a. the class, unit, or group of employees covered by the program, the eligibility requirements for the program, and any time limits; b. the job titles and ages of all individuals eligible or selected for the program; and c. the job titles and ages of all individuals in the same plant or unit who are not eligible or selected for the program.

The first five of these conditions are already familiar and being applied by the courts. The remaining three are new and potentially quite burdensome--so much so, in fact, that a skeptic must wonder whether the real purpose of this OWBPA section is to outlaw waivers of ADEA claims under any circumstances.

Another section defines knowing and voluntary in the context of ADEA charges that have been filed with the Equal Employment Opportunity Commission (EEOC) or in court. In these cases, to be knowing and voluntary the waiver must meet the first five conditions listed above. In addition, the individual must be given a "reasonable" time to consider the agreement (no period is set); and the burden of proving the waiver, if that becomes an issue, is on the employer. In no case, however, may any waiver agreement affect EEOC's right to enforce ADEA or an individual's right to file a charge or participate in an investigation.

This last provision may seem innocuous, but it is not. Suppose, for example, an employee terminated as part of a reduction in force signs a waiver that is perfectly valid. That individual may still file a charge on behalf of others in the group and be a witness or otherwise involved in the case, even though his or her own waiver of rights may preclude a personal recovery.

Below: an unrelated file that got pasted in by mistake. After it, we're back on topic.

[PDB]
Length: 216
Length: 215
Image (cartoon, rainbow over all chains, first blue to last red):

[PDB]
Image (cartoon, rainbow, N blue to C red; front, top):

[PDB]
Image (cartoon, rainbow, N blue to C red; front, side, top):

The ADEA waiver section of OWBPA is intended to address three concerns described as "unfair and abusive waiver practices" in the legislative report accompanying the bill.

* Manipulation of older workers. For example, you are offered a superior deal in a reduction in force and told that if you do not take it, there is a 99 percent chance you will be laid off anyway. But to get it, you must waive your ADEA rights. * Lack of information or expertise. An example is being forced to sign a waiver without knowing or understanding the facts of any claim you might have. * Coercion of older workers. Extreme pressure to waive ADEA rights--such as being demoted if you don't take early retirement, being given the agreement on Friday and told to have it signed by Monday, or being fired if you do not--amounts to coercion.

George D. Webster is general counsel to ASAE and a partner in Webster, Chamberlain & Bean, a Washington, D.C., law firm.
COPYRIGHT 1991 American Society of Association Executives
No portion of this article can be reproduced without the express written permission from the copyright holder.
Copyright 1991, Gale Group. All rights reserved. Gale Group is a Thomson Corporation Company.

Article Details
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Title Annotation:Legal
Author:Websterm, George D.
Publication:Association Management
Article Type:column
Date:Feb 1, 1991